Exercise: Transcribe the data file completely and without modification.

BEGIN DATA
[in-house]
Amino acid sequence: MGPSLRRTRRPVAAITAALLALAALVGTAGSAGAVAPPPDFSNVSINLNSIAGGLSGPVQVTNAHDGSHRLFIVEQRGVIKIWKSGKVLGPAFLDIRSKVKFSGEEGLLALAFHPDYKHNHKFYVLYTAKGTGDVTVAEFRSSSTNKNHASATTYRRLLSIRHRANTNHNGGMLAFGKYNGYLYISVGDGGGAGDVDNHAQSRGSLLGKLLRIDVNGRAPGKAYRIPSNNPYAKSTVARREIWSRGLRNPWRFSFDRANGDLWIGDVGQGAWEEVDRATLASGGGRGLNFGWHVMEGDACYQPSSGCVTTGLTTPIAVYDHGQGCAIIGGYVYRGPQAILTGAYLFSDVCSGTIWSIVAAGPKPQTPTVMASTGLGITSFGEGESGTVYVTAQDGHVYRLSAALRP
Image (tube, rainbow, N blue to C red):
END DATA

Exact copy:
[in-house]
Amino acid sequence: MGPSLRRTRRPVAAITAALLALAALVGTAGSAGAVAPPPDFSNVSINLNSIAGGLSGPVQVTNAHDGSHRLFIVEQRGVIKIWKSGKVLGPAFLDIRSKVKFSGEEGLLALAFHPDYKHNHKFYVLYTAKGTGDVTVAEFRSSSTNKNHASATTYRRLLSIRHRANTNHNGGMLAFGKYNGYLYISVGDGGGAGDVDNHAQSRGSLLGKLLRIDVNGRAPGKAYRIPSNNPYAKSTVARREIWSRGLRNPWRFSFDRANGDLWIGDVGQGAWEEVDRATLASGGGRGLNFGWHVMEGDACYQPSSGCVTTGLTTPIAVYDHGQGCAIIGGYVYRGPQAILTGAYLFSDVCSGTIWSIVAAGPKPQTPTVMASTGLGITSFGEGESGTVYVTAQDGHVYRLSAALRP
Image (tube, rainbow, N blue to C red):